On 05/01/2011 06:15 AM, Leo Allen wrote:

> I did not do any beta versions, so I am not sure wether wubi worked 
> with them  or not. 

OK.  It looks as though wubi wasn't tested, and so probably doesn't
work.  We need to add wubi to the list of things to test for Lubuntu
11.10, so we don't make the same mistake then that we seem to have made
this time!  But that doesn't help you right now.

> You mention to try as a normal graphical installer - is there a
> particular file I need to point to to begin the installation?

No.  Instead, you would just boot the computer from the Lubuntu CD. Put
the Lubuntu CD in the drive, then reboot the computer.  That will
(usually) automatically run the install menu from the CD.  Windows (or
any other operating system on your hard disk) never even has a chance to
even start to run, if you do this :)

If doing that still runs Windows, you might have to press F10 or F12 as
the computer starts up so it will offer a little "boot menu" from which
you can choose to boot from CD. (You can change CMOS settings instead,
but that's a bit more complex to describe).

> This is being installed on a Windows XP Pro system (as I've found
> with other Linux versions, XP is the most "friendly").

OK...  Do you want to keep your XP Pro installation and files intact, or
are you planning to wipe it out and replace it with Lubuntu?  Or, do you
want to repartition the hard drive so that (for example) half the disk
space is for XP Pro, and half is for Linux?

Do you have a good up to date backup of the Windows installation and all
your files, somewhere not on that same PC?  If not, creating such a
backup is a good idea, as a precaution (against hardware issues or other
accidents, as well as against making mistakes when trying to share the
disk between Windows and Lubuntu).  So if you are going to share the PC
between Windows and Lubuntu, it would be wise to take the time to make a
good full backup of the machine as it is now, before you do anything
else.  Just in case :)

Wubi is (in my biased opinion!) a somewhat odd hybrid installation
approach, that installs Linux (Lubuntu, if it worked) into some big
files inside Windows... but that is not the usual way to install any
Linux distribution.

> I'm anxious to give Lubuntu a try ...

Good :)

If you are a newcomer, the safest way is to attempt that first "try" on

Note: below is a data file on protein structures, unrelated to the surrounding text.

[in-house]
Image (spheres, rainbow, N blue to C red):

an older machine dedicated to that purpose.  One you have no files or
programs on that you care about.  That way, you *know* you can't
accidentally remove your main working copy of Windows and all the files
in it that you wanted to keep :)

If you do not have a spare old machine for that sort of "windows-free"
testing, there are several other alternatives.  Which one is "best"
depends on your experience level, and the capabilities of the machine
you are trying to "share" between Lubuntu and Windows.  On modern PCs
with a few GB of RAM and a multicore CPU, running VirtualBox inside
Windows, and installing Lubuntu as a "virtual machine" under VirtualBox
can work very well, but on older PCs it is impractical.

> - I tried the much-hyped Kubuntu
> and felt that it is to Linux what Vista is to Windows!

That sounds as though you have an old-ish PC, or one with limited RAM.
Lubuntu is designed specifically to be useful on such older PCs;
however, it is not necessarily designed to be ultra-easy for beginners
to use on older PCs while also keeping Windows on those same PCs.

To be able to offer a specific "try Lubuntu *this* way" suggestion for
you, other than "try it out on a dedicated test PC", it would help to
know what sort of PC you are wanting to run Lubuntu on:

 * make and model if it is a well known brand
 * CPU type and speed
 * how much RAM the machine has
 * how big a hard disk it has
 * whether you are comfortable repartitioning it to free up some space
dedicated to use by Lubuntu.

Hoping this helps and doesn't seem *too* complicated!


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